The members of the Federal Energy Regulatory Commission on March 17 granted Alterna Springerville LLC authority to make wholesale sales of electric energy, capacity, and ancillary services at market-based rates, effective Jan. 1 of this year.
Additionally, the commission granted Alterna’s request for waiver of the commission’s requirements to file an Open Access Transmission Tariff (OATT), to establish and maintain an Open Access Same-Time Information System (OASIS), and to comply with the commission’s Standards of Conduct. It also granted Alterna’s request for other waivers commonly granted to market-based rate sellers. Additionally, it found that Alterna meets the criteria for a Category 1 seller in all regions and is so designated.
Alterna owns a 43% undivided interest in the Springerville Generation Station Unit 1, a 425-MW coal-fired power facility located near Springerville, Arizona, in the Tucson Electric Power balancing authority area. Alterna and Tucson Electric Power were parties to a long-term lease that expired on Jan. 1, 2015, pursuant to which Tucson Electric Power leased all of Alterna’s interest in the Springerville Facility. Alterna told FERC in an application last fall that upon expiration of the lease, Alterna might commence making wholesale sales of electric energy, capacity, and/or ancillary services in accordance with its interests in the Springerville Facility.
Alterna said the Springerville Facility includes interconnection facilities that are limited and discrete facilities necessary to interconnect to the Tucson Electric Power transmission grid. Alterna states that these interconnection facilities consist of a 7.2 kV generator tie line that is approximately 2,600 feet long. Alterna states that, except for the interconnection facilities located at the Springerville Facility, neither it nor its affiliates own, operate, or control any transmission facilities in the United States.
Alterna is indirectly wholly owned by Alterna Core Capital Assets Fund LP, a limited partnership formed by Alterna Capital Partners, a private-equity firm. Alterna states that the fund is wholly owned by individuals. The fund indirectly owns an undivided interest in the Merom Generating Station (Merom Facility), a 1,070 MW coal-fired, dual unit steam-electric station located in Sullivan County, Indiana. Alterna further states that the Merom Facility is operated by Hoosier Energy Rural Electric Cooperative.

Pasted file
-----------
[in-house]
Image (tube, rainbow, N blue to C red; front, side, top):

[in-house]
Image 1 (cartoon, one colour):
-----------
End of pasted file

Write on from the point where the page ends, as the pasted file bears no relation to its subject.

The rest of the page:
Members of FERC on Feb. 19 had rejected a complaint by owners of part of the coal-fired Springerville plant that claimed that Tucson Electric Power was not giving them good transmission access for their power production. The commission denied a complaint filed in November 2014 by Alterna Springerville LLC, LDVF1 TEP LLC, Wilmington Trust Co. and William J. Wade against Tucson Electric, requesting firm transmission service over a specified path to a specific delivery point at Palo Verde.
Complainants and Tucson jointly own the Springerville Generating Station Unit 1. Complainants and Tucson are parties to separate 1986 leaseback agreements under which Tucson leased a 195 MW energy entitlement in Springerville 1. The lease agreements expired on Jan. 1, 2015. Upon expiration of the agreements, complainants’ energy entitlement, representing 50.5% (195 MW) of the capacity in Springerville Unit 1, reverted back to the complainants, who are now responsible for marketing their respective generation output.
In order to transmit their share of the Springerville Unit 1 generation, complainants require transmission service from Tucson, over the San Juan-Springerville-Vail transmission system, a network of transmission facilities running from the San Juan Generating Station in northwestern New Mexico to the Vail Substation in southeastern Arizona. Tucson has offered complainants firm transmission service with a delivery point of the San Juan Generating Station or the Four Corners Power Plant. Complainants requested delivery to Palo Verde, which they said was a better path for this power.